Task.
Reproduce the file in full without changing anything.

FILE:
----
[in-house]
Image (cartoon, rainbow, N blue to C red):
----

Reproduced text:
[in-house]
Image (cartoon, rainbow, N blue to C red):